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Just move a couple of lightly used 15a/120v circuits in the main over to the sub to make room for the 90 amp breaker.
 
  #16  
Old 04-22-16, 09:20 AM
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Just stumbled onto a possible option that wouldn't require opening up the drywall. Is there anything wrong with using an Eaton BQC225225 breaker to combine the 2-25amp 2 pole breakers for the 2 air conditioners? That would open a double slot for a 90 amp breaker for the garage subpanel. I attached a, hopefully, better picture of the breakers in the main panel. Also, how close to maxing out this 200 amp service am I after the garage subpanel goes in given it already has the other subpanel? Just a reminder, I'll be running a 50 amp RV outlet, a 50 amp outlet for a welder, a 30 amp for a 60 gallon compressor and 2-20 amp circuits for outlets off the garage subpanel. I'm curious because I will be finishing the basement in a couple years, about 1400sqft. Nothing major going in the basement planned, just outlets and lights. Wondering if I'll have to have additional service to the house run.
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  #17  
Old 04-22-16, 10:16 AM
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Also, how close to maxing out this 200 amp service am I after the garage subpanel goes in given it already has the other subpanel?
The chances of maxing out the 200 amp service are pretty slim, but you can do a load calculation on the house and another on the future garage equipment if you feel you are getting close. I don't think you are even close.

Is there anything wrong with using an Eaton BQC225225 breaker to combine the 2-25amp 2 pole breakers for the 2 air conditioners?
I have never been a fan of the quad breakers. I believe that before I'd add a quad that I'd replace the 50 amp breaker and feeder to the existing subpanel and upgrade the feed to 125 amps and feed the garage subpanel 90 amps from the existing subpanel.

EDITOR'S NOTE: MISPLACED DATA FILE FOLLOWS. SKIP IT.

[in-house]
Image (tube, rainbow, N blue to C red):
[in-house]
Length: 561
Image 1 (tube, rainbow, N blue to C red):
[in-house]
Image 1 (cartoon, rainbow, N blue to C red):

#18  
Old 04-22-16, 11:50 AM
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That is a good idea too. If I upgrade that subpanel to 125 amps, would that be enough to service the finished basement circuits as well directly from that subpanel? That subpanel currently has 20 empty slots and is a 200amp panel. Just not sure if 125 is enough to run what is currently in there, the 90 amp subpanel in the garage and then add circuits for the basement when the time comes. What wire should I use to feed 125, I'd prefer to use copper? There'd need to be a conduit added between the two panels, about 8 inches or so, metal or plastic doesn't matter to me. Which would be better?
 
  #19  
Old 04-24-16, 11:50 AM
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Assuming your home is fairly typical, you really don't have that much load. I see no reason that 125 amps wouldn't be fine. I seriously doubt you'll ever come close to 90 amps in the garage either. You have a lot of just-in-case excssive power in your plan.

I'd use #2 copper THHN in EMT conduit to feed the subpanel.
 
  #20  
Old 04-25-16, 12:45 PM